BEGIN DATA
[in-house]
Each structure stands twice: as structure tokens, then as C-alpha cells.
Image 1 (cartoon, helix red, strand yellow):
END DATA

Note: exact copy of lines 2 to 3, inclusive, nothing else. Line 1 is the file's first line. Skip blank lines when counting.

Each structure stands twice: as structure tokens, then as C-alpha cells.
Image 1 (cartoon, helix red, strand yellow):